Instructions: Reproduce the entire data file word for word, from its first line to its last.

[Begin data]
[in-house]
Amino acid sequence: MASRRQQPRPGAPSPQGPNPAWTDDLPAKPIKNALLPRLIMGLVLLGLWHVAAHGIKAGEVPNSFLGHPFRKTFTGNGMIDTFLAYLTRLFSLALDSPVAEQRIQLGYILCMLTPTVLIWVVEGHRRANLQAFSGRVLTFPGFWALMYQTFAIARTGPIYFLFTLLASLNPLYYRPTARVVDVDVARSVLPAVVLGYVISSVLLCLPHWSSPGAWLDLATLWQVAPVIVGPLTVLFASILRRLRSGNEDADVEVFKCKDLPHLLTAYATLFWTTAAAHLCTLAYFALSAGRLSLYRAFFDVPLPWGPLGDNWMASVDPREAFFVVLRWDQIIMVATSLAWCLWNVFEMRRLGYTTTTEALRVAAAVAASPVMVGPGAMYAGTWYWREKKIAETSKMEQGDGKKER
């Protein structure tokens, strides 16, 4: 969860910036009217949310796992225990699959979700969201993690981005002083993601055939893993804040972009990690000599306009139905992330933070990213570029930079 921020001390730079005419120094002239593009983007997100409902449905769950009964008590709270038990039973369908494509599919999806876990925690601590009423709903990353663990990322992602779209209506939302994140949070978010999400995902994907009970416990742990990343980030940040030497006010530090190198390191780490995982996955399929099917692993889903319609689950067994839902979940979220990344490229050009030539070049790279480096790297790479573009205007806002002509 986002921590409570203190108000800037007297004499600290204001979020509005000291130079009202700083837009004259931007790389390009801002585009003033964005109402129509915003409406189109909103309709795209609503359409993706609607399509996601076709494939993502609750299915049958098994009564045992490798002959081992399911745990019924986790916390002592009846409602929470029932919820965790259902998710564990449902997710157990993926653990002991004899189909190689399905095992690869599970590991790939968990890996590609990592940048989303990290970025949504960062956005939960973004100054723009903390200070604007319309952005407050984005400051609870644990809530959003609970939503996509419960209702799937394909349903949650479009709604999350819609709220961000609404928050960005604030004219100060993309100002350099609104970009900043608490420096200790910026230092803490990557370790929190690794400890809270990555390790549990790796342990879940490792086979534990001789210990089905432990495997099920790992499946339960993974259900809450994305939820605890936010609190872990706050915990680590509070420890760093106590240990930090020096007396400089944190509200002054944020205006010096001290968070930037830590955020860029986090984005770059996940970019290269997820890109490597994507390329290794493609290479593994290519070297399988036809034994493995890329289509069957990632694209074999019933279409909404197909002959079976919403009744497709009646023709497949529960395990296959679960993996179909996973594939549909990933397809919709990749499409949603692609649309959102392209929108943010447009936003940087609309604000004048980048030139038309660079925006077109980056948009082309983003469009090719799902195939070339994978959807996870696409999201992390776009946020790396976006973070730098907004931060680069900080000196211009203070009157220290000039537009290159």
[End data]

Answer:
[in-house]
Amino acid sequence: MASRRQQPRPGAPSPQGPNPAWTDDLPAKPIKNALLPRLIMGLVLLGLWHVAAHGIKAGEVPNSFLGHPFRKTFTGNGMIDTFLAYLTRLFSLALDSPVAEQRIQLGYILCMLTPTVLIWVVEGHRRANLQAFSGRVLTFPGFWALMYQTFAIARTGPIYFLFTLLASLNPLYYRPTARVVDVDVARSVLPAVVLGYVISSVLLCLPHWSSPGAWLDLATLWQVAPVIVGPLTVLFASILRRLRSGNEDADVEVFKCKDLPHLLTAYATLFWTTAAAHLCTLAYFALSAGRLSLYRAFFDVPLPWGPLGDNWMASVDPREAFFVVLRWDQIIMVATSLAWCLWNVFEMRRLGYTTTTEALRVAAAVAASPVMVGPGAMYAGTWYWREKKIAETSKMEQGDGKKER
């Protein structure tokens, strides 16, 4: 969860910036009217949310796992225990699959979700969201993690981005002083993601055939893993804040972009990690000599306009139905992330933070990213570029930079 921020001390730079005419120094002239593009983007997100409902449905769950009964008590709270038990039973369908494509599919999806876990925690601590009423709903990353663990990322992602779209209506939302994140949070978010999400995902994907009970416990742990990343980030940040030497006010530090190198390191780490995982996955399929099917692993889903319609689950067994839902979940979220990344490229050009030539070049790279480096790297790479573009205007806002002509 986002921590409570203190108000800037007297004499600290204001979020509005000291130079009202700083837009004259931007790389390009801002585009003033964005109402129509915003409406189109909103309709795209609503359409993706609607399509996601076709494939993502609750299915049958098994009564045992490798002959081992399911745990019924986790916390002592009846409602929470029932919820965790259902998710564990449902997710157990993926653990002991004899189909190689399905095992690869599970590991790939968990890996590609990592940048989303990290970025949504960062956005939960973004100054723009903390200070604007319309952005407050984005400051609870644990809530959003609970939503996509419960209702799937394909349903949650479009709604999350819609709220961000609404928050960005604030004219100060993309100002350099609104970009900043608490420096200790910026230092803490990557370790929190690794400890809270990555390790549990790796342990879940490792086979534990001789210990089905432990495997099920790992499946339960993974259900809450994305939820605890936010609190872990706050915990680590509070420890760093106590240990930090020096007396400089944190509200002054944020205006010096001290968070930037830590955020860029986090984005770059996940970019290269997820890109490597994507390329290794493609290479593994290519070297399988036809034994493995890329289509069957990632694209074999019933279409909404197909002959079976919403009744497709009646023709497949529960395990296959679960993996179909996973594939549909990933397809919709990749499409949603692609649309959102392209929108943010447009936003940087609309604000004048980048030139038309660079925006077109980056948009082309983003469009090719799902195939070339994978959807996870696409999201992390776009946020790396976006973070730098907004931060680069900080000196211009203070009157220290000039537009290159």